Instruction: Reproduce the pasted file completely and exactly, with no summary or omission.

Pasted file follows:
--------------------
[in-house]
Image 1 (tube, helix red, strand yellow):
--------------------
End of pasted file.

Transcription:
[in-house]
Image 1 (tube, helix red, strand yellow):